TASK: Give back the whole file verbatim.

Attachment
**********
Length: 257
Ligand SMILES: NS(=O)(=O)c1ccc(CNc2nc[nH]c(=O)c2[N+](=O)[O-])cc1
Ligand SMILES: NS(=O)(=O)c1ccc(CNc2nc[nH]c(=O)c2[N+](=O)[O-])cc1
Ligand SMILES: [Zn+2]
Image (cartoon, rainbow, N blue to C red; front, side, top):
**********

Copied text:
Length: 257
Ligand SMILES: NS(=O)(=O)c1ccc(CNc2nc[nH]c(=O)c2[N+](=O)[O-])cc1
Ligand SMILES: NS(=O)(=O)c1ccc(CNc2nc[nH]c(=O)c2[N+](=O)[O-])cc1
Ligand SMILES: [Zn+2]
Image (cartoon, rainbow, N blue to C red; front, side, top):